Announcing "The Future of Science in America: The Election Issue"

This special magazine explores what's at stake for science & policy over the next four years.

Original artwork by Ray Domzalski Jr.

As reviewed in The Washington Post, "Tomorrow's challenges in science and politics: Magazine offers in-depth takes on these U.S. issues":

"Is it time for a new way to help make adults more ­science-literate? What should the next president know about science? Could science help strengthen American democracy? "The Future of Science in America: The Election Issue" has answers. The free, online magazine is packed with interesting takes on how science can serve the common good. And just in time. This year has challenged leaders, researchers and the public with thorny scientific questions, from the coronavirus pandemic to widespread misinformation on scientific issues. The magazine is a collaboration of the Aspen Institute, a think tank that brings together a variety of public figures and private individuals to tackle thorny social issues, the digital science magazine Leapsmag and GOOD, a social impact company. It's packed with 15 in-depth articles about science with a view toward our campaign year."




The Future of Science in America: The Election Issue offers wide-ranging perspectives on challenges and opportunities for science as we elect our next national and local leaders. The fast-striking COVID-19 pandemic and the more slowly moving pandemic of climate change have brought into sharp focus how reliant we will be on science and public policy to work together to rescue us from crisis. Doing so will require cooperation between both political parties, as well as significant public trust in science as a beacon to light the path forward.

In spite of its unfortunate emergence as a flash point between two warring parties, we believe that science is the driving force for universal progress. No endeavor is more noble than the quest to rigorously understand our world and apply that knowledge to further human flourishing. This magazine aspires to promote roadmaps for science as a tool for health, a vehicle for progress, and a unifier of our nation.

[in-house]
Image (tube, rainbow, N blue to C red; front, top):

This special issue is a collaboration among LeapsMag, the Aspen Institute Science & Society Program, and GOOD, with support from the Gordon and Betty Moore Foundation and the Rita Allen Foundation.

It is available as a free, beautifully designed digital magazine for both desktop and mobile.


Kira Peikoff
Kira Peikoff is a journalist whose work has appeared in The New York Times, Newsweek, Nautilus, Popular Mechanics, The New York Academy of Sciences, and other outlets. She is also the author of four suspense novels that explore controversial issues arising from scientific innovation: Living Proof, No Time to Die, Die Again Tomorrow, and Mother Knows Best. Peikoff holds a B.A. in Journalism from New York University and an M.S. in Bioethics from Columbia University. She lives in New Jersey with her husband and son.
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In this 2020 photograph, a bandage is placed on a patient who has just received a vaccine.

CDC/Robert Denty

COVID-19 vaccine development has advanced at a record-setting pace, thanks to our nation's longstanding support for basic vaccine science coupled with massive public and private sector investments.

Yet, policymakers aren't according anywhere near the same level of priority to investments in the social, behavioral, and data science needed to better understand who and what influences vaccination decision-making. "If we want to be sure vaccines become vaccinations, this is exactly the kind of work that's urgently needed," says Dr. Bruce Gellin, President of Global Immunization at the Sabin Vaccine Institute.

Simply put: it's possible vaccines will remain in refrigerators and not be delivered to the arms of rolled-up sleeves if we don't quickly ramp up vaccine confidence research and broadly disseminate the findings.


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Jenny Luray
Jenny Luray is Vice President of Strategy and Communications for Research!America. She served as Chief of Staff to former Senator Barbara Mikulski, Legislative Director to Congresswoman Nita Lowey, and Deputy Assistant to the President in the Clinton White House. Jenny directed U.S. policy and government affairs for lifescience companies BD and Abbott. She is a member of the Governing Committee of the FDA-supported NESTcc and the Advisory Council of the Brown University School of Public Health.

These 6 people deserve to be widely known and celebrated for their brave and ingenious contributions to battling the pandemic.


Kira Peikoff
Kira Peikoff is a journalist whose work has appeared in The New York Times, Newsweek, Nautilus, Popular Mechanics, The New York Academy of Sciences, and other outlets. She is also the author of four suspense novels that explore controversial issues arising from scientific innovation: Living Proof, No Time to Die, Die Again Tomorrow, and Mother Knows Best. Peikoff holds a B.A. in Journalism from New York University and an M.S. in Bioethics from Columbia University. She lives in New Jersey with her husband and son.